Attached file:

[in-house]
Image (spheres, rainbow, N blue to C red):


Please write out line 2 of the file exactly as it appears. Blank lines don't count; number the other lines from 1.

Image (spheres, rainbow, N blue to C red):